Monday, September 16, 2013

The Clubhouse

My Friend Dahmer opens with a very powerful, and unsettling, scene in Dahmer's clubhouse in the woods. 

This particular episode was recounted many times in the media. The clubhouse, which Jeff always called "The Hut" was where he kept his road kill collection. The carcasses were stored in pickle jars full of some kind of liquid (he bragged that it was acid, but more likely it was either some household chemical or plain water). By the time he was 12, there were several dozen of these jars, neatly arranged on wooden shelves that covered the inside walls of The Hut. It was the first manifestation of the dark thoughts and urges that were gurgling in the crankcase oil of his brain.

I initially heard of this episode (and I won't give it away here) when I first met Jeff in junior high. It was part of Dahmer's schoolyard legend. Eastview Junior High was where the contents of the district's three elementary schools came together for the first time. So roughly 70 percent of the kids were complete strangers. The result was a cruel hormonal scrum as kids elbowed and clawed their way to their spot in the social hierarchy. There was a lot of gossip, and the Bath Elementary kids, who had known Dahmer since 3rd grade, all had tales of how weird he was. Soon, the tale of Jeff's clubhouse and his jars of roadkill were known to all. It was an episode that cemented his rep as a bizarre freak and sent him straight to the bottom of the social ladder.

When I wrote this book, there was no doubt I would start with this scene. It fit perfectly in the timeline, the summer before the start of junior high, and it's a very visual scene that afforded me the chance to make a big artistic statement right from the get go.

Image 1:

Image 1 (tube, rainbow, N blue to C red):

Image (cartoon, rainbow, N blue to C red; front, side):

This scene had been recounted before in newspaper and magazine accounts. It was not something that I uncovered during my research. But, in those articles, It was always just a short paragraph, and never captured the true creepiness of what went on there. This is, of course, the power of comix. I could recreate this scene in a way that a reporter could not. 

The ruin of the clubhouse, in 1992

Now when the story exploded in 1992 and there was a mad scramble to cover it, I was working as a staff artist at the Akron Beacon Journal. Bath, our hometown, was a rural suburb of Akron, so the Beacon was the paper of record. At the time, it was a very fine paper, one that won a Pulitzer every five years or so. It was well-positioned to "own" this story, and indeed did just that. And, of course, by sheer dumb luck I was on staff, with all my knowledge and contacts and memories, and worked hand in hand with the reporters covering the unfolding story. The clubhouse episode was first reported there, based on my information, and then was quickly picked up by media worldwide, who just lifted it from the Beacon article, or re-reported it on their own. When the reporter on the police beat first went to Dahmer's House, using his contacts to get through the police tape that ringed the property and get a private tour, I told him to be on the lookout for Jeff's clubhouse. He found it. The above photo is all of it that remained in 1992, 20 years after the scene in my book took place. A pile of rotten rubble, strangely mirroring Jeff's own life.

Most kids in the country had a similar clubhouse. I had one. I used to build my own in the woods around my house from pilfered scrap lumber. My dad would find them eventually, proclaim them "eyesores" and tear them down, giving me and my brother a tongue lashing in the process. Finally he had my grandfather, a carpenter, build us one. It still stands, as a storage shed for lawn equipment.